You are currently viewing a snapshot of taken on April 21, 2008. Most of this content is highly out of date (some pages haven't been updated since the project began in 1998) and exists for historical purposes only. If there are any pages on this archive site that you think should be added back to, please file a bug.

Security projects > Component Security > Signed Scripts & Privileges: An Example

Signed Scripts & Privileges: An Example

Mitch Stoltz

This page demonstrates using signed scripts to perform actions not normally permitted to JavaScript on a web page. This example assumes a basic familiarity with the concept of code signing. See the links in the provided documentation at the Component Security main page for more information.

A Privileged Action

JavaScript Security gives a partial list of the actions prohibited to untrusted scripts. One example is access to browser preferences using the navigator.preference property. If an untrusted script attempts to use this property, an exception is thrown. For example, a call such as

var homepage = navigator.preference("browser.startup.homepage");

... will fail, and throw an "access to property denied" exception.

Signed Scripts

Accessing sensitive information or functions requires that a privilege be granted using the function. Only a signed script (or a script loaded from a file on the user's hard drive) can call enablePrivilege. Scripts (and their associated HTML files) are signed using a digital signature and a signature-generating utility such as Signtool.

In our example, the privilege that controls access to browser preferences is UniversalPreferencesRead. A script which is signed and loaded from a jar file can call"UniversalPreferencesRead");
If the user has not stored a preference as to whether this privilege should be granted to this signer, a confirmation dialog appears.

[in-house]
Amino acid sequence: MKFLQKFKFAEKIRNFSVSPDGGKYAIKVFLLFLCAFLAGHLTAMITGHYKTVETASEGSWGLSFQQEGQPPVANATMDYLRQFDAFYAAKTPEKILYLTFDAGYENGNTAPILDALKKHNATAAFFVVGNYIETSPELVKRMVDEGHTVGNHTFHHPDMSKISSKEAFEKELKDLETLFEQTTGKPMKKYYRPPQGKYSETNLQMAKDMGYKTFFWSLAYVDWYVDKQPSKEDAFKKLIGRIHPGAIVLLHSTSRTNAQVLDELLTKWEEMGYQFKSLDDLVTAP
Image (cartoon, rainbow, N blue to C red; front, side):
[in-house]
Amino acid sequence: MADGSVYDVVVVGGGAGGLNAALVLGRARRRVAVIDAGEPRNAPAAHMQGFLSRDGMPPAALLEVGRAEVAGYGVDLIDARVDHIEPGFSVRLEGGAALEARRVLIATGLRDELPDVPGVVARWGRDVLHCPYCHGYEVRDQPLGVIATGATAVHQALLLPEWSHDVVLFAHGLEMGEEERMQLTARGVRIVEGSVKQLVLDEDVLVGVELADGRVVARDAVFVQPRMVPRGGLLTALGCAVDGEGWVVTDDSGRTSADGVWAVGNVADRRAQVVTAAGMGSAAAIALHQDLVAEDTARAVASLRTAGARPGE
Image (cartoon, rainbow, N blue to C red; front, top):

The link below runs the following JavaScript function:

function privilegedAction() {
  try {"UniversalPreferencesRead");   
    var hp = navigator.preference("browser.startup.homepage");
    alert("Permission to read preferences is granted. Your home page is "+hp);
  } catch (e) {
    alert("Permission to read preferences was denied.");

Run the Signed Script Example (This link will only work in Mozilla-based browsers)

If you see the "Permission to read preferences was denied" dialog, either you clicked "No" in the security confirmation dialog, or your browser was already configured to deny the UniversalPreferencesRead privilege to scripts signed by this particular certificate.

Levels of Security

The philosophy behind this policy is that in order for a script from the Web to perform sensitive actions, the user must trust the author of the script. In order for the user to trust the author of the script, the user must have proof of the author's identity, and assurance that the script has not been modified with malicious intent. It follows from these requirements that two conditions must be met in order for a script to perform potentially dangerous actions:

  1. The script must be signed with a valid digital certificate. This establishes the identity of the script's origin and gives evidence of any modifications to the script after signing.
  2. The user must grant permission for the signer to perform the requested action. This permission can be preconfigured in browser preferences or granted through a confirmation dialog.

Granting Trust Remotely

Some embedders and distributors of Mozilla may require the ability to perform privileged actions without a dialog box being displayed to the user. While this feature is not present in's software releases, it can be added by other distributors. This feature is explained in The Master Certificate API.

Security projects > Component Security > Signed Scripts & Privileges: An Example